CANANDAIGUA, N.Y. – The way Donna Bennett sees it, the United States of America is in need of a little tender loving care these days.

Bennett, a former middle school math teacher, senses that too many Americans don’t have a proper understanding or appreciation of the people, ideas and founding documents that made this nation the envy of the world. She sees evidence of that by the way our elected leaders are behaving in Washington, D.C.

But recently, those concerns hit much closer to home when her 10-year-old son brought home an essay he’d written in school entitled “Christopher Columbus the Monster.”

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While Bennett understands the explorer was far from perfect in the way he treated the indigenous people he encountered in the “new world,” she doesn’t see the point in having young students wallow in the negative aspects of America’s heritage.

“Kids need American heroes,” Bennett tells EAGnews.

Adding to her distress was the fact her son’s fifth-grade class spent two weeks studying the United Nation’s “Universal Declaration of Human Rights” – instead of the U.S. Constitution, the Declaration of Independence or the Gettysburg Address.

The assignments confirmed a general feeling in the lifelong Democrat that schools aren’t teaching students about our national heritage and that “patriotism” has become a dirty word for too many educators.

She summarizes her concerns by quoting Abraham Lincoln: “The philosophy of the school room in one generation will be the philosophy of government in the next.”

Bennett and two other former teachers in New York’s Canandaigua community – Coleen Avery and Frank Tischer – are trying to counter this troubling trend.

Next week, the trio is launching the first-ever “Freedom Camp,” a one-day, free event designed as a quick and fun-filled way of teaching children about their American heritage. The camp – which is being held in Bennett’s home – will introduce elementary and middle school students the Founding Fathers, the Constitution, and the Bill of Rights.

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Attendees will also learn how faith shaped us as a people (“one nation under God”), though no specific religion will be touted during the “Freedom Camp” – partly because all three teachers come from different religious backgrounds.

Students will also be led in some patriotic sing-alongs by Laurie Robbins, an accomplished musician who happens to also be Bennett’s mother.

“The kids will hear about how awesome our Founding Fathers were and how important the Declaration of Independence is,” Bennett says. “I’m so excited about it.”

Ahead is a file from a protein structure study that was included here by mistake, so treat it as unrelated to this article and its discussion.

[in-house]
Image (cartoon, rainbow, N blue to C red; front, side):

Important topics getting lost under Common Core

While rebuilding a sense of patriotism is at the heart of “Freedom Camp,” it’s not the only focus.

Some of the day’s events are meant to teach students about topics and practices that are being cast aside as schools transition to Common Core. Tried-and-true approaches to math instruction are high on the list of Common Core’s casualties.

The decision to include some “math games” stems from the bad experience Bennett’s third-grade daughter has had with Common Core math. Bennett says her daughter has developed a strong dislike of math because it gets bogged down in the “why” of math calculations instead of the “how.”

For example, Bennett says her daughter gets confused with Common Core’s emphasis on solving a simple addition problem with a complicated, overwrought “tape diagram” instead of the time-honored practice of simply lining the numbers up and adding them.

Bennett is so concerned about the new approaches being taught under Common Core that she and her husband are strongly considering pulling their kids out of the public school and sending them to a private Christian school that has not adopted the new learning standards.

But for a brief time during “Freedom Camp,” Bennett hopes students will be reminded that math can be simple and fun.

Students will also be taught about penmanship and calligraphy, a lost art that will help students appreciate and connect with America’s founding documents.

Attendees will also participate in a time of personal goal setting and activities designed to bolster their self-confidence.

‘This is a movement’

Bennett says the group plans to hold two other “Freedom Camps” during school breaks in February and April, and a three-day event during the summer. She’s getting the word out through Facebook, and says the reaction so far has been very favorable. Her goal is to see “Freedom Camps” pop up all across the country.

To that end, the former teacher has developed an easy-to-follow curriculum – available through her website – that aspiring “Freedom Teachers” can follow.

Bennett thinks there’s a real demand for this kind of program.

“This is a movement – but it’s not that radical of a movement. We’re just getting back to basics.”